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Engaging Methuen Readers


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4 Things You Didn’t Know About Sherlock Holmes

That’s right, kids: it’s Sherlock time! The world’s greatest detective (other than Batman) was born on January 6, 1854. He is now 165 years young and still the most filmed fictional character in the world. Here’s a little Sherlock trivia for true fans and movie nights.

1. He’s been on screen more than 254 times

As of 2012, Holmes had been portrayed on film an average of three times per year since his TV debut in 1938. This statistic comes to us courtesy of the good people at Guinness Book of World Records, who must have spent an awfully long time counting up Holmes appearances. That figure doesn’t even count more modern Holmes portrayals, such as the spoof that currently stars Will Ferrell and John C. Reilly.

In case you’re dying to see some obscure Holmes on screen, then the MVLC library system can connect you with such wonders as Young Sherlock Holmes, where Sherlock is a hip teen; The Adventure of Sherlock Holmes’ Smarter Brother, where Gene Wilder tries desperately and hilariously to live up to the real deal; and Sherlock Gnomes, which only gets away with that pun because it’s for kids. See the whole list here!

2. Holmes claimed he used drugs because he got bored between cases

Sherlock was addicted to both cocaine and morphine, which were technically legal in Victorian England. That said, their adverse health effects were well known to the medical community. Holmes’ friend, the medical doctor Watson, wasn’t anywhere near as bumbling in the books as he’s generally portrayed on-screen, and he voiced considerable alarm at Holmes’ drug use. In return, his friend shot him down with one of the lamest excuses in literature: he was bored. Here’s what he had to say in Chapter 1 of The Sign of the Four:

“My mind,” he said, “rebels at stagnation. Give me problems, give me work, give me the most abstruse cryptogram or the most intricate analysis, and I am in my own proper atmosphere. I can dispense then with artificial stimulants. But I abhor the dull routine of existence. I crave for mental exaltation. That is why I have chosen my own particular profession,—or rather created it, for I am the only one in the world.”

Maybe do a puzzle instead?

3. The TV show House was based on Sherlock Holmes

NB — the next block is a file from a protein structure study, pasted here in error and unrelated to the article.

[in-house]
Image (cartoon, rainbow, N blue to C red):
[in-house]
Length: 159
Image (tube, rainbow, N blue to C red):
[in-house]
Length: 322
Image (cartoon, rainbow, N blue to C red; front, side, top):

Suspend your disbelief for a minute and consider that Gregory House solved unsolvable medical mysteries through deduction, had a drug problem, and had a friend named Wilson. House is a close match for Home, which sounds like Holmes. Wilson and Watson are also close. House even lives at an address numbered 221b. Best of all, Hugh Laurie himself confirms that the surly doc was modeled on the Victorian detective.

4. Sherlock has never been played by a woman…until now!

It’s not surprising that a male detective from the Victorian era is generally played by guys. At the same time, there’s been a female Watson, a female Doctor Who, and lots of modernized adaptations of Sherlock Holmes himself. If Holmes can be a grumpy doctor, a garden ornament, and a New Yorker. Why not a lady?

In fact, a female Sherlock, who lives in Japan, is set to release on HBO Asia.

There’s one caveat that needs pointing out, however. Holmes hasn’t been played on-screen by a woman, but literature is a completely different story. In the Eleanor Arnason story Holmes Sherlock, an alien woman studying Earth literature adopts the stylistic peculiarities of Sherlock Holmes when she becomes enchanted by Arthur Conan Doyle’s mysteries. Incidentally, this alien’s people are universally homosexual and female-led. You can read the entire story here!

 

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To The Audiobooks I’ve Heard On My Ride To Work

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Time spent behind the wheel of my car is time not spent engaged in productive activity, such as learning to play the flute or weeding geraniums. Whether I would become a musician or gardener with the time I now spend driving every day is an open question. However, there is still an opportunity to become, if not well-read, then at least familiar with a broad range of literature. This is especially true when the drudgery of the automobile is paired with Libby, the free library audiobook app.

Libby is an access portal for OverDrive, which is probably the most popular e-book and e-audiobook lending platform currently in existence. OverDrive hit the market early and hit it hard, rolling with every technological upgrade and innovation and shift. Within five years, CD audiobooks gave way to MP3s downloaded through OverDrive’s media app and loaded onto iPods, which in turn gave way to downloaded and then streaming audiobooks that never left the efficient angular nest of the smartphone. And it was all free.